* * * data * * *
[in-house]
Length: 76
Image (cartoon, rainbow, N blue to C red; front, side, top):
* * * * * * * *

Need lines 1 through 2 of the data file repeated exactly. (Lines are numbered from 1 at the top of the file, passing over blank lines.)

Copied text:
[in-house]
Length: 76